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Tip: To see Abram’s analysis of Winnicott’s theories…

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In-depth analysis of Winnicott’s psychoanalytic theorization was conducted by Jan Abrams in her work The Language of Winnicott. You can access it directly by clicking here.

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Temperley, J. (1985). Marital Therapy by C. Clulow, Aberdeen University Press, pp. 108, £9.50 hardback & £5.50 paperback. Marital Violence by Norman Johnson, Sociological Review, Monograph 31, Routledge & Kegan Paul, £8.95 pp. 195.. Psychoanal. Psychother., 1(3):93-96.

(1985). Psychoanalytic Psychotherapy, 1(3):93-96

Book Review

Marital Therapy by C. Clulow, Aberdeen University Press, pp. 108, £9.50 hardback & £5.50 paperback. Marital Violence by Norman Johnson, Sociological Review, Monograph 31, Routledge & Kegan Paul, £8.95 pp. 195.

Review by:
Jane Temperley

These two very different books approach the subject of marital discord from a paranoid and a depressive position respectively. Marital Violence takes a paranoid position in seeing wife-battering as a manifestation of patriarchy, the organisation of society based on male power over women. Men are the accused and so too is the existing social establishment which bolsters itself and ensures its survival by supporting the continuance of male domination. Mental health professionals and social welfare agencies are seen as the instruments by which the phenomena of male domination are neutralised by re-defining the issues and rendering them particularised and susceptible to social management as instances of personal pathology. Marital violence is equated with wife-battering until the last chapter in the book which is devoted to debunking the notion of the ‘battered husband’ syndrome. It is symptomatic of the bias of the authors that when conjugal murders are analysed in this last chapter, the fact that in 43% of the sample the wife was the murderer is minimised by asking us to consider that the husbands used much more violence in their murders and that the wives were provoked.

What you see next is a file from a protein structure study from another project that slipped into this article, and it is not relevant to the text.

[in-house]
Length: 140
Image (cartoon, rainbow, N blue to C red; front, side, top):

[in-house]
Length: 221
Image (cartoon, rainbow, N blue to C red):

No consideration is given at all to the psychology of the victims. The women are simply unfortunate, ill-informed victims. The men, on the other hand, are given no voice. Women are extensively questioned and their histories studied but the experience of their assailants is as excluded from this book as they themselves are from the refuges which shelter their battered wives.

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